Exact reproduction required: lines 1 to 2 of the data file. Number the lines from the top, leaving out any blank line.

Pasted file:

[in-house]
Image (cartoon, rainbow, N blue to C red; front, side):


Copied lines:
[in-house]
Image (cartoon, rainbow, N blue to C red; front, side):